Small balls are a genuine danger to big dogs playing fetch

I have to repeat myself as my previous article on this has not been sufficiently picked up by the search engines (typical I am afraid) which is why I am writing about it for a second time! Boring right?! 🙄😉But necessary as small rubber balls used for playing fetch with a big dog can be fatal under some rare circumstances. It is all about unfortunate timing.

2-inch rubber ball is too small for a large dog playing fetch
2-inch rubber ball is too small for a large dog playing fetch
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I would refer you to the story of a dog who choked to death before her caregiver’s eyes who was unable to save her as she was unable to remove the small 2-inch ball from the back of the mouth of her dog Luna. Click here to read the story.

The exact circumstances as to how a small rubber ball choked a large dog to death have not be reported comprehensively. I have to guess the circumstances but it not difficult as the ball was used in playing fetch.

Even people who don’t live with a dog have seen dogs playing fetch. We know how it goes and there is a critical moment in this game. Here is how I see the fatal accident happening. It would be rare but possible. Steps 6 and 7 are the critical stages.

  1. The owner throws the small rubber ball in the park
  2. Her German Shepherd dog chases after it
  3. The ball bounces along the ground
  4. The dog catches up to the ball
  5. The dog is travelling at speed when she opens her mouth the catch the ball as it has bounced up
  6. Unusually, the ball and the open mouth are in perfect alignment which allows the ball to enter the mouth freely
  7. As the ball is small it is able to travel to the back of the mouth were it becames jammed
  8. As it is jammed into the back of the mouth it blocks the airway to the lungs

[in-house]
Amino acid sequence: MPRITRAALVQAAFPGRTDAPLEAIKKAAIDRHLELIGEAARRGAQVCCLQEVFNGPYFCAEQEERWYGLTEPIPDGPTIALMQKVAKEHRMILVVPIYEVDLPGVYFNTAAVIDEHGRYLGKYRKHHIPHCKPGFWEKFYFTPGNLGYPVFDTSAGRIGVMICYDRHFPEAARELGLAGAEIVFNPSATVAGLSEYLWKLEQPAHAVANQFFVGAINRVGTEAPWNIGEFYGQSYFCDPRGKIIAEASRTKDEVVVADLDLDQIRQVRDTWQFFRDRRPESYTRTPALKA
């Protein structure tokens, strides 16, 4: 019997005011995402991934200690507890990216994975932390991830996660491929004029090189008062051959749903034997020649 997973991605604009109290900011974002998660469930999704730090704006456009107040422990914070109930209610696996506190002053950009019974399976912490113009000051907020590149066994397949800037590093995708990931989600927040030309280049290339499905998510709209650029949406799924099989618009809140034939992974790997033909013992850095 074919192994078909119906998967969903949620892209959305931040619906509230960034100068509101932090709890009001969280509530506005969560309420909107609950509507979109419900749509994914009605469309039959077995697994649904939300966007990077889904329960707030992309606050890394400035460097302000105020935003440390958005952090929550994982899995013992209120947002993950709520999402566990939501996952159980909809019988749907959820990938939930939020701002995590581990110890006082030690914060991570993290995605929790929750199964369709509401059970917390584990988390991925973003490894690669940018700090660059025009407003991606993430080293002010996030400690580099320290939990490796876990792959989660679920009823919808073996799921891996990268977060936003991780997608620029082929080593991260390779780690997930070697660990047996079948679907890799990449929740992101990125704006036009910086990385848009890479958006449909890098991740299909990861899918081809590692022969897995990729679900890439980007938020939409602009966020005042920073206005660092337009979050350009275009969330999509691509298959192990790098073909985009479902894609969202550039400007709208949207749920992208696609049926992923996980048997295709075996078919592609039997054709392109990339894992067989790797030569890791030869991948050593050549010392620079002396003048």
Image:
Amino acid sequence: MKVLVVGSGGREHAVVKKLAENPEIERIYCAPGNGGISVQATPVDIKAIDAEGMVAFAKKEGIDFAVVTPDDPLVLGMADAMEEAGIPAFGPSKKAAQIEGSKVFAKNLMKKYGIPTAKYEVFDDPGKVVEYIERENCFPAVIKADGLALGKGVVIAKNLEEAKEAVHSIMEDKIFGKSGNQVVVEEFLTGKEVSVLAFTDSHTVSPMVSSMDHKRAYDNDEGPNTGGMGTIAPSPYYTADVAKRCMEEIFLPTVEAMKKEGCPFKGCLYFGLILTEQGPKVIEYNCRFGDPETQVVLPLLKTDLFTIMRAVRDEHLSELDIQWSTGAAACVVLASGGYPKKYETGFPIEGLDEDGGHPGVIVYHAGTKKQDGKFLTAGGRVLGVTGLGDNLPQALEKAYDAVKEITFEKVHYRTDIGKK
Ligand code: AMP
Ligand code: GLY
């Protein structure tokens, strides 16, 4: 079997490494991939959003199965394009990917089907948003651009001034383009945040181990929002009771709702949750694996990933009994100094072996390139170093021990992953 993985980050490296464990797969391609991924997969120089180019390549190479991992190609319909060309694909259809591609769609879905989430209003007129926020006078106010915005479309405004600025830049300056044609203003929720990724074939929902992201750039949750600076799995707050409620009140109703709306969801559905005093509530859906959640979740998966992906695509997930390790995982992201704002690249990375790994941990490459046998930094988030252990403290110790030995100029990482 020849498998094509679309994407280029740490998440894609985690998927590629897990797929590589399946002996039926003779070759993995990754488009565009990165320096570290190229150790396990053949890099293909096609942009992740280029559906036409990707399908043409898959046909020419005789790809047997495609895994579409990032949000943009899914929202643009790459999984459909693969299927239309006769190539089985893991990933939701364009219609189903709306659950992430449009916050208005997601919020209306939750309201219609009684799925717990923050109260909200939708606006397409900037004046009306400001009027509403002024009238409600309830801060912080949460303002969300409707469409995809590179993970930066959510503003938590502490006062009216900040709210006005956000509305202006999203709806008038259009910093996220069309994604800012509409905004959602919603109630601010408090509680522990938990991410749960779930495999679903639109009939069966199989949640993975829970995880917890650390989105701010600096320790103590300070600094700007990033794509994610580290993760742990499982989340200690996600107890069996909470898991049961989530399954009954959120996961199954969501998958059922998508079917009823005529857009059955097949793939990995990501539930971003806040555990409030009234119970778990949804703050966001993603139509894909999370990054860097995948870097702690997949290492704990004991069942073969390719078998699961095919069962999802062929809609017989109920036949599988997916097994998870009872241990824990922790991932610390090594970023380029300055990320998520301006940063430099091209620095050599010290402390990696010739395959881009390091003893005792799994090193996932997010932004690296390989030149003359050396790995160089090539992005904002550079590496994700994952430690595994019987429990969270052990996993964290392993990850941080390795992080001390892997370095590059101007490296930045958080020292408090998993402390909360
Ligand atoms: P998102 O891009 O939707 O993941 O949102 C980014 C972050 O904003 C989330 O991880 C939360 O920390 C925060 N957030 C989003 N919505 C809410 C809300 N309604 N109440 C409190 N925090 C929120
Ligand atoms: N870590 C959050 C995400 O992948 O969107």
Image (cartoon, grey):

9. The dog can’t get air
  10. The dog is asphyxiated
  11. The dog dies quite quickly
  12. The owner can’t remove the ball to save her dog as it is jammed hard into the throat at the back of the mouth.
  13. She sees her dog die before her.
  14. She bought the small red KONG ball on Amazon (my guess) which is 5.08 cms (2-inches) in diameter in all innocence thinking it would be great for fetch as it is all over the internet as a great toy for fetch.
  15. She did not foresee the danger which only exists with large dogs with large mouths in playing fetch with a small ball.
Small KONG red ball is too small for big dogs according to one dog owner whose dog gagged on it and died
Small KONG red ball is too small for big dogs according to one dog owner whose dog gagged on it and died

There is another hazard with sticks. Really dog owners should not play fetch with their dog using sticks. You can guess the danger: splinters of wood stuck in the mouth and worse.

Think of the potential scenario:

  1. Pick up the story from 5 in the list above
  2. The dog opens his mouth to grab the stick which has bounced upwards and is facing the dog’s mouth as he approaches the stick at speed
  3. The stick is jammed hard into the opened mouth
  4. The stick has a sharp end
  5. The stick pierces the inside of the dog’s mouth and severely injures the dog.

This would require urgent and very expensive veterinary treatment. Vets are expensive in the UK.


Dogs and sticks during fetch can be a recipe for trouble. While it seems like a harmless game, sticks pose several dangers to your furry friend:

  • Splintering: Sticks can easily break and splinter when chewed or caught at an awkward angle. These splinters can become lodged in your dog’s mouth, throat, or even their digestive system, causing pain, bleeding, and infection.
  • Impalement: A thrown stick can land in a way that leaves a sharp end pointing upwards. In their eagerness to retrieve, a dog could run onto the stick, causing impalement in the mouth, throat, chest, or abdomen.
  • Oral Injury: Even without splintering, sticks can scrape or damage a dog’s gums, tongue, or soft palate.

Here are some resources with more details:

  • The American Kennel Club (AKC) discusses the risks of sticks and recommends safer alternatives. Search for: Hill’s Pet Nutrition, Playing Fetch with Sticks: Is It Safe for Your Dog?
  • Reader’s Digest also details the dangers of sticks and emphasizes the potential for serious injuries. Search for: Reader’s Digest, The Real Reason You Shouldn’t Play Fetch with Sticks with Your Dog.

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